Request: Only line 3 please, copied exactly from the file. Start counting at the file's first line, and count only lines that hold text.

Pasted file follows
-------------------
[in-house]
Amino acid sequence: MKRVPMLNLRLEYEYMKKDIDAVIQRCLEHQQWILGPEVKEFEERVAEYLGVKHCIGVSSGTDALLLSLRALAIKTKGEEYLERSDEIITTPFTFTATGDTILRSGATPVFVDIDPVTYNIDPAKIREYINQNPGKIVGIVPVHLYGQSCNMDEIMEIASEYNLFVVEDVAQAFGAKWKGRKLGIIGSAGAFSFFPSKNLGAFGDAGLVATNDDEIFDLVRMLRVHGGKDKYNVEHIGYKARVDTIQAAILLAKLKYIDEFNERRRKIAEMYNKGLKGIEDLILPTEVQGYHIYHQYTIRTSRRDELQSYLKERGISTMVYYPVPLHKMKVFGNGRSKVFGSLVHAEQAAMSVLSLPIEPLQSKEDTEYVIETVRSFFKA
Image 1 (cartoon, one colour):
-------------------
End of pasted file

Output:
Image 1 (cartoon, one colour):